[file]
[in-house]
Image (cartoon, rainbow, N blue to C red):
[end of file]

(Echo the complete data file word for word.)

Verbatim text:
[in-house]
Image (cartoon, rainbow, N blue to C red):